Contest #130 winner 🏆

114 comments

Fiction

Content warning: Language

They knew I wasn’t cut out for war the moment they stuck an M4 Carbine in my hands. I had lady fingers while the soldiers around me had hands made to strangle and calluses that grated their rifles into submission.

To die for my country, surrounded by the sweaty men it rounded up into its service, was not a lifelong goal of mine. To be fair, I didn’t have a lifelong goal. A younger version of myself had been set on teaching preschool, or kindergarten—didn’t matter really. I just loved kids. That dream was doused by the gaggle of overprotective mothers who had me detained at a playground. 

I had been watching my bi-racial niece with too much interest. Her mom wanted a video, and I didn’t think twice; we knew mom’s word was law. She hit the zenith of her swing and I captured her glee-ridden face as she kicked her legs in a fit of triumph. 

A lanky brown man like me should have known better, should have thought about how I looked on the park bench: phone out and a hand in my sweats to keep warm. I had mustard on my shirt, too. My niece and I ate hot dogs earlier that day and she managed to dapple her pants with ketchup. She wanted to match, and I’d obliged. With kids, it’s always about compromise and comradery.

Out of the moms at the playground, I couldn’t tell you who made the call. It might have been a group effort for all I knew, like going to the bathroom. But I was twenty with a neckbeard that made me look forty and—whoever it was—I understood where they were coming from.

Before long, an officer stood over me. He’d looked at my skin and that mustard stain and my lazy-day sweats, and told me with his eyes that I matched every expectation. My only shield from his onslaught of accusations was my niece and her big ass tears. He let me walk with a strongly worded suggestion to avoid child-related career choices. 

Four years later, the draft notice hit our mailbox. The country had gone above and beyond to provide me a minor-free environment. I would have laughed, but my mum was already set on crying. 

I balanced the rifle a healthy distance away from my person and didn’t bother to feign comfort. No one expected me to kill anyone anyway, but maybe I could block a bullet for someone else. Preferably someone with a larger buldge—as the sergeant kindly noted. He said all I needed to do was stand still, look pretty, and make sure to wear a condom so I wouldn’t risk procreating while getting fucked on the battlefield. I smiled and joked and failed at push-ups until the sergeant realized lackluster jabs at my genitalia would fall flat. I was no stranger to slander from geriatric men. My day job had been in a nursing home, and a low-class one at that.

A transient friendship formed between myself and the men in my company who were able to look beyond my potential as a meat shield. I told my niece about them in a letter home. She sent us drawings of dragons and horses in response. We named them all with unbridled vulgarity. It felt wrong, but it was the good kind of wrong. Not the ending-a-life kind of wrong. 

They came at night—the men we spent six months preparing to meet—yipping and yowling in a foreign tongue. I heard the hiss of gunfire, dropped the shiny M4, and bolted. Pine trees and soldiers erupted in my wake.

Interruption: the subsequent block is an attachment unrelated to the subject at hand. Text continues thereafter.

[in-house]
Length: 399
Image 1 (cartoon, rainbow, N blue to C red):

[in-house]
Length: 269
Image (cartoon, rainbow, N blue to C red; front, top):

As I ran, I thought of my mum, and I did not think she would be ashamed. But it was my father, not my mum, who had insisted on naming me Dick. For a small statured man like myself, it was more of a joke than a name. Maybe my father thought my hands and I would grow into it. He hadn’t lived long enough to be disappointed when I didn’t. I was told it was a car accident, that it happened in an instant, and that he would be here if he could. Then, after I hit some inane mark of maturity, my aunty told me differently. 

Got himself stabbed by a mugger, she said. 

I dug up a news clip about it. He had valiantly stepped between the mugger and a lady’s purse. The report pegged him as a hero. All I saw was a man who could have been a father. An ashamed father, but a father, nevertheless. 

Had he been alive, he would’ve known how to use an M4. And had he been here, watching his son run, he might’ve used it to shoot me himself. Some adrenaline-inflated part of my brain wanted to laugh at that. The only quality time I would spend with my father was if his ghost bit at my heels. 

A fallen log that was more rot than wood served as my shelter that night. My unit had been small and there was no point in envisioning our future beyond this forest. I pressed myself into the decomposing tree’s embrace and wept for the men out there still clutching M4s. How long did it take to bleed out? Did it feel longer with pine-needles pressed into your neck and terror wheeling above? Would it be an honorable enough end? 

There were soldiers who lived for this moment. The draft was an opportunity, they’d said. Perseverance over preservation. Courage over cowardice. I saw it in their eyes, in the direction of their boots as they stood and wrangled their rifles: one foot in front of the other and you could bury your nose in that cut-flower honor our grandpas raised us on. 

Flowers or ashes, both would fill a vase just fine.

I wept hardest for them. I understood the loss of a dream, but not how a dream could bring about so much loss. Those were the sons my father dreamed of when he filled out my birth certificate; men who would exchange a purse for a life. 

I wept for myself, too. No matter how you looked at me, I would never be a man’s man. I had chosen cowardice over courage, preservation over perseverance. Even though I was, chromosomally speaking, born for war—I was plagued by fear. I didn’t want to make the wrong choice; I didn’t want to die with the ending-a-life kind of wrong in my gut. But hundreds of hours with my rifle meant I could hold, aim, and fire the M4 with ease. The conviction with which I handled the rifle, and the ease with which the bullet left the barrel, terrified me. Even a man with lady fingers like me could reach through the world and break a mother. A trigger didn’t leave room for thought.